A process-based approach to estimate lodgepole pine (Pinus contorta Dougl.) distribution in the Pacific Northwest under climate change
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- Coops, N.C. & Waring, R.H. Climatic Change (2011) 105: 313. doi:10.1007/s10584-010-9861-2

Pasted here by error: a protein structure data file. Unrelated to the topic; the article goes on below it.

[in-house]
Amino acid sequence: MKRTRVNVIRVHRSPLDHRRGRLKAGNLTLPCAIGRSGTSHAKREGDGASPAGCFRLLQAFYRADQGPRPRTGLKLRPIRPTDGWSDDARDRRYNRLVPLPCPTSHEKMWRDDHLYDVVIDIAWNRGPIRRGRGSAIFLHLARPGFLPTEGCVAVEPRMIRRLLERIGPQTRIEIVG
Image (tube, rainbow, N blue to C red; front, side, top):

Lodgepole pine (Pinus contorta Dougl.) is a widely distributed species in the Pacific Northwest of North America. The extent that the current distribution of this species may be altered under a changing climate is an important question for managers of wood supply as well as those interested in conservation of subalpine ecosystems. In this paper, we address the question, how much might the current range of the species shift under a changing climate? We first assessed the extent that suboptimal temperature, frost, drought, and humidity deficits affect photosynthesis and growth of the species across the Pacific Northwest with a process-based model (3-PG). We then entered the same set of climatic variables into a decision-tree model, which creates a suite of rules that differentially rank the variables, to provide a basis for predicting presence or absence of the species under current climatic conditions. The derived decision-tree model successfully predicted weighted presence and absence recorded on 12,660 field survey plots with an accuracy of ~70%. The analysis indicated that sites with significant spring frost, summer temperatures averaging <15°C and soils that fully recharged from snowmelt were most likely to support lodgepole pine. Based on these criteria, we projected climatic conditions through the twenty-first century as they might develop without additional efforts to reduce carbon emissions using the Canadian Climate Centre model (CGCM2). In the 30-year period centered around 2020, the area suitable for lodgepole pine in the Pacific Northwest was projected to be reduced only slightly (8%). Thereafter, however, the projected climatic conditions appear to progressively favor other species, so that by the last 30 years of twenty-first century, lodgepole pine could be nearly absent from much of its current range. We conclude that process-based models, because they are highly sensitive to seasonal variation in solar radiation, are well adapted to identify the importance of different climatic variables on photosynthesis and growth. These same variables, once indentified, and run through a decision-tree model, provide a reasonable approach to predict current and future patterns in a species’ distribution.